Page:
In his Foreword to Barbara's new book (the link is illustrated with some of her photographs, so if such work offends you, do not click), Arthur writes "Alas, Nitke’s suit did not establish the unconstitutionality of the CDA. I was a poor expert." He is, on that one point alone, in error. I know this because I defended his deposition. In a little room at the U.S. Attorney's office for the Southern District of New York, a very shrewd, very able Assistant United States Attorney ("AUSA") representing the Government (and an admirer of Professor Danto's, as well; a very likable adversary, really, as all of my adversaries on the case were) conducted a thorough deposition. Arthur looked tired that day, and I thought that the trek from the Upper West Side to lower Manhattan might have been arduous for a man of his age (this was, after all, in 2004, so he would have been 80).

Now, at a deposition, you are helpless as counsel. You can object to the form, and instruct your client not to answer questions that call for privileged information, or where (as only rarely happens) the question is inherently abusive ("When did you stop beating your wife?" sort of stuff). If the witnesses crashes and burns, you go down with the ship, looking as unconcerned as you can. After the initial pleasantries, and pedigree, the AUSA made her move. She spread out several pictures by Barbara, and then laid out a series of similarly-themed photos from some of the sleaziest porn magazines you could find. The latter depicted similar activities to those in Barbara's pictures, and were superficially similar in layout. She then asked Arthur why Barbara's had serious artistic value and the others did not.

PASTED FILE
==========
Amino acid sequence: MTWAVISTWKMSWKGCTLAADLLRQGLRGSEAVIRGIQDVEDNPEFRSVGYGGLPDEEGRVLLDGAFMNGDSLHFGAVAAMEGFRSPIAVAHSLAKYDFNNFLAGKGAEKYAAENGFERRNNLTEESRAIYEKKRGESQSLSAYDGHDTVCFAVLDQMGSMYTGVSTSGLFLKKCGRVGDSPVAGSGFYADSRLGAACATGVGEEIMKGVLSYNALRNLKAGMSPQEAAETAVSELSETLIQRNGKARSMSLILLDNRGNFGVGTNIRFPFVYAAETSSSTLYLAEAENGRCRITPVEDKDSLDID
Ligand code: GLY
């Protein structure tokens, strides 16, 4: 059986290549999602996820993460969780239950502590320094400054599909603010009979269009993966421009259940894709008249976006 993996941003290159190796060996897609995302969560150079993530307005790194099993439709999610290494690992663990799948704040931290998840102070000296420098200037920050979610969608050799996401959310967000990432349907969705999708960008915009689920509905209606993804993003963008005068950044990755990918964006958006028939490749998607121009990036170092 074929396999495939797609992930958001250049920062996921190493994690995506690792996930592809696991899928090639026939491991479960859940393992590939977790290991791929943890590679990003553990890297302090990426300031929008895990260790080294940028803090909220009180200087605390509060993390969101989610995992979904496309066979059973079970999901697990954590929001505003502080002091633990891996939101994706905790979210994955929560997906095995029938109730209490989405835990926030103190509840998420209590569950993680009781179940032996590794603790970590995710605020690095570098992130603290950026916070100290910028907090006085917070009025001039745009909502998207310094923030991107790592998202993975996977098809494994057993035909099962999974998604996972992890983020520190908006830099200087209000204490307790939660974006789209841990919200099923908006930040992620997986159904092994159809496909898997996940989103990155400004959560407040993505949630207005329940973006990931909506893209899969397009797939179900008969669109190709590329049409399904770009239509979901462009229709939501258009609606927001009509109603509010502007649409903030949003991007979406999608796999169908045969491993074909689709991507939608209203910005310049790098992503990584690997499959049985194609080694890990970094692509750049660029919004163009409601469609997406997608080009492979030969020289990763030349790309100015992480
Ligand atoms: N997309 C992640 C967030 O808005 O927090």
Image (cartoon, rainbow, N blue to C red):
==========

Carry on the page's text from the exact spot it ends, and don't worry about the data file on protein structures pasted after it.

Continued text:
Arthur's pause was just about the longest I can ever recall a witness taking. It seemed to go on forever, and I felt butterflies in my stomach. The AUSA even seemed conflicted.

Then, having collected his thoughts, Professor Arthur Danto gave a cogent, thorough disquisition in which he pointed out the differences in composition, layout, viewpoint, and analyzed the different goals of Barbara and the anonymous photographer in the ratty magazines. He pulled from his memory examples of Medieval and Renaissance art to illustrate his analysis, and my adversary, far more informed in matters artistic than am I, was rapt.

It was a hell of a performance.

I met Arthur's wife Barbara Westman Danto, at their apartment on one of my visits there to discuss the case, and I grieve for her, and his two daughters, Ginger and Elizabeth. I realize that my little anecdote is just one small tile in the mosaic of a great career, but thought it should be shared. The Times reports that he did not do negative criticism, because he found it cruel. I did not know that, but I believe it. He was a kind man--a good one, with an infectious sense of humor and modest withal.

And quite possibly the most adroit witness I ever called to the stand.

If the pause didn't kill you, that is.

Rest in peace.